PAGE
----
The "undecideds break 2-1 against the incumbent" rule, along with the "incumbent under 50% is in trouble" rule, is arbitrary and silly. I'd like to see quantitative data on either.

From the data I've seen, the over-under line for incumbents is closer to 45% than 50%.
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JohnnyLongtorso
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« Reply #28 on: October 23, 2010, 09:48:51 PM »

Just for the record, here's the third-party performance in the last few California Senate elections:

2006 - 5.6%
2004 - 4.5%
2000 - 7.6%
1998 - 3.9%
1994 - 8.4% (and this was with a 2-point margin between Feinstein and Huffington)
1992 - 9.1%
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sg0508
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« Reply #29 on: October 23, 2010, 09:55:00 PM »

Did that '94 race turn out as expected?  I was too young.  I know as a liberal republican, Huffington appealed well, but that was a nail-biter.  Of course his divorce and his rumors of bisexuality hurt him after that race was over.
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JohnnyLongtorso
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« Reply #30 on: October 23, 2010, 10:02:34 PM »

Huffington was a one-term Congressman who self-funded. I can't say, as I was 12 at the time, but those two things don't really add up to a strong candidacy.
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DrScholl
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« Reply #31 on: October 23, 2010, 10:18:02 PM »

I was about 8 then, but I can remember the race pretty clearly because everyone in my household talked about it. It really was the money and the environment that allowed Huffington to keep it close, it was a toss-up and the most talked about Senate race that cycle.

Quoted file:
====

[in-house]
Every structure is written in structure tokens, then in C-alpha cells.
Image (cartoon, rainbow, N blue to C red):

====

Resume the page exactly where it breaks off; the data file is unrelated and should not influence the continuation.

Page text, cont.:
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Chief Justice PiT
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« Reply #32 on: October 24, 2010, 03:27:01 PM »

I know it's become popular these days to point out that Boxer can't hit 50, but the fact is that she doesn't need to hit 50 to win. If minor candidates got up to 4% of the vote in the senate race and up to 6-8% in the governor's race, it wouldn't surprise me one bit.

It's never good for an incumbent to be below 50 consistently this late in the game.

48% is 50% in California. Lots of third party strength here and I expect it to be even stronger this year.

     This cannot be stressed enough. If Boxer reaches 50%, she is winning by a pretty decent margin. Not so great for a California Democrat, but we are talking about 4-5%.
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MorningInAmerica
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« Reply #33 on: October 24, 2010, 06:23:33 PM »

I still think Boxer, undeservedly, will pull one out of the air and win this by a hair. And it's starting to look like Whitman will lose this one too (unless her new "Unhappy Decisions" ad has any impact at all).

http://politicalticker.blogs.cnn.com/2010/10/24/candidate-to-voters-an-unahppy-choice/#more-130632